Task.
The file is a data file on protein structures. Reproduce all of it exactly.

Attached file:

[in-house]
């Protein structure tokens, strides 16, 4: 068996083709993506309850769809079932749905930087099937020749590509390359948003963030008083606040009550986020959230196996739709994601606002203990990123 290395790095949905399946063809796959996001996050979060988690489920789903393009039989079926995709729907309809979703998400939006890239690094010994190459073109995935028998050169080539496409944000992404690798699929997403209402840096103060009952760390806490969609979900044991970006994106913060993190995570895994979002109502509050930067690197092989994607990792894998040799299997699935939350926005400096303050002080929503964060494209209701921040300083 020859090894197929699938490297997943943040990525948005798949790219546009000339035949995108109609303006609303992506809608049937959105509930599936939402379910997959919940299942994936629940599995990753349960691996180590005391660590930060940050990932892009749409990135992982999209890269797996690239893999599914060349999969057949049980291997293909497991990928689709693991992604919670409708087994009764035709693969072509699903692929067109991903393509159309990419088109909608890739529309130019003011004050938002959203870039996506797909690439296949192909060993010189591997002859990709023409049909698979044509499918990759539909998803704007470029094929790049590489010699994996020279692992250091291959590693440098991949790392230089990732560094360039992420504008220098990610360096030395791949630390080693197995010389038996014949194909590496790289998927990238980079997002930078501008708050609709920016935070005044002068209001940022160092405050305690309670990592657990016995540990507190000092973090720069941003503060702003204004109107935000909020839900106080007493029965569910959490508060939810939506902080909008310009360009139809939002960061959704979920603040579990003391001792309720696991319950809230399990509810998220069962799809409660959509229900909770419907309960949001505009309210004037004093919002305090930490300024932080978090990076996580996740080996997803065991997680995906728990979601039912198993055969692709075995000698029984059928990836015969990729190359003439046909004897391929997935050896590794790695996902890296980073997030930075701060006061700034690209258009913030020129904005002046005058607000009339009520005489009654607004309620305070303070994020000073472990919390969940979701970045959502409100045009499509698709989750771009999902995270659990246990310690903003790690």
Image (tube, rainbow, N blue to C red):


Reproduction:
[in-house]
């Protein structure tokens, strides 16, 4: 068996083709993506309850769809079932749905930087099937020749590509390359948003963030008083606040009550986020959230196996739709994601606002203990990123 290395790095949905399946063809796959996001996050979060988690489920789903393009039989079926995709729907309809979703998400939006890239690094010994190459073109995935028998050169080539496409944000992404690798699929997403209402840096103060009952760390806490969609979900044991970006994106913060993190995570895994979002109502509050930067690197092989994607990792894998040799299997699935939350926005400096303050002080929503964060494209209701921040300083 020859090894197929699938490297997943943040990525948005798949790219546009000339035949995108109609303006609303992506809608049937959105509930599936939402379910997959919940299942994936629940599995990753349960691996180590005391660590930060940050990932892009749409990135992982999209890269797996690239893999599914060349999969057949049980291997293909497991990928689709693991992604919670409708087994009764035709693969072509699903692929067109991903393509159309990419088109909608890739529309130019003011004050938002959203870039996506797909690439296949192909060993010189591997002859990709023409049909698979044509499918990759539909998803704007470029094929790049590489010699994996020279692992250091291959590693440098991949790392230089990732560094360039992420504008220098990610360096030395791949630390080693197995010389038996014949194909590496790289998927990238980079997002930078501008708050609709920016935070005044002068209001940022160092405050305690309670990592657990016995540990507190000092973090720069941003503060702003204004109107935000909020839900106080007493029965569910959490508060939810939506902080909008310009360009139809939002960061959704979920603040579990003391001792309720696991319950809230399990509810998220069962799809409660959509229900909770419907309960949001505009309210004037004093919002305090930490300024932080978090990076996580996740080996997803065991997680995906728990979601039912198993055969692709075995000698029984059928990836015969990729190359003439046909004897391929997935050896590794790695996902890296980073997030930075701060006061700034690209258009913030020129904005002046005058607000009339009520005489009654607004309620305070303070994020000073472990919390969940979701970045959502409100045009499509698709989750771009999902995270659990246990310690903003790690």
Image (tube, rainbow, N blue to C red):